Contact your PC or Laptop's manufacturer to inquire about a possible workaround or BIOS fix. NI support is available to help explain the situation.

Try different PCI or PCI Express slots for the host MXI board. The algorithm some BIOS's use has better behavior in some slots than others.

Try disabling onboard motherboard resources in your computer's BIOS. Freeing up these resources can increase the available resources for PCI expansion.

Try to minimize the PCI bridge depth. If you are daisy-chaining PXI chassis, put the host PXI board in the first segment of your chassis.

Try removing boards with PCI-PCI bridges on the board (such as the PXI-GPIB/ENET board) to see if the behavior improves.

Try using a single-segment chassis instead of a multi-segment chassis to minimize the additional PCI-PCI bridges. The 14-slot PXI-1044 and PXI-1045 have 3 PCI bus segments.

If your system consists of multiple chassis, try booting a simple system with a minimum of devices and chassis. If this works, try to expand the system and find the breaking point.



How Can I Be Sure My PC Will Work With PXI MXI Products?
National Instruments is testing motherboards and laptops to the PCI Specification so we can comment on compatibility with our MXI products. The list for laptops compatible with NI's ExpressCard-8360 MXI product can be found in this Developer Zone Tutorial and is linked off of the product page at ni.com. For information on motherboards, desktops, and workstations compatible with MXI products, contact National Instruments PXI Support group at ni.com/support.

Note: National Instruments can provide testing for a system you wish to use with PXI MXI products. If you have a system you wish to submit to National Instruments for testing, please contact National Instrument's PXI Support group at ni.com/support.

What is NI Doing to Improve Compatibility in Future Systems?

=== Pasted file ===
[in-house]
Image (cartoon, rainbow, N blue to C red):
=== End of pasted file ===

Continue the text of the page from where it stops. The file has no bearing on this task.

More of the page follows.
National Instruments is working with the PCI-SIG, Microsoft, and PC Vendors to actively test for compatibility and institute standards for testing that improve compatibility in future systems with complex PCI topologies. We are also working to formalize PCI topology testing so 3rd parties can replicate our testing with standard PCI testing boards. For more information, contact National Instrument's PXI Support group at ni.com/support.

Can I Daisy Chain Chassis Using MXI Express?

Hardware: PXI/CompactPCI>>Controllers>>PXI-8360, PXI/CompactPCI>>Controllers>>PXI-PCIe8362, PXI/CompactPCI>>Controllers>>PXIe-PCIe8372, PXI/CompactPCI>>Controllers>>PXIe-8370, PXI/CompactPCI>>Controllers>>PXIe-ExpressCard 8360, PXI/CompactPCI>>Controllers>>PXIe-PCIe8362, PXI/CompactPCI>>Controllers>>PXIe-PCIe8371, PXI/CompactPCI>>Controllers>>PXI-ExpressCard8360, PXI/CompactPCI>>Controllers>>PXI-PCIe8361, PXI/CompactPCI>>Controllers>>PXIe-PCIe8361

I want to daisy chain multiple chassis from my MXi Express remote controller, is it possible?

At this time, it is currently not possible to use a daisy chain configuration to multiple chassis using MXI Express. However, due to other advances in PCI Express technology it is easier and cost effective to do a star configuration, where each chassis is cabled independent back to the host computer. We offer both a MXIe x1 Products and Services: PXIe-8362  and MXIe x4 Products and Services: PXIe-8372 solutions with two ports.
If you need to daisy chain due because you are either out of PCI slots or are daisy chaining off of a PXI chassis with an embedded controller. NI suggests you use MXI-4 card Product and Services: PCI-8331 in one of your non-express slots to daisy chain to another chassis. At this point in time, there is no way to daisy chain to an PXI express chassis.

You can also use the Expresscard slot in a PXIe embedded controller for chassis expansion:


Click Here To Return To Link Page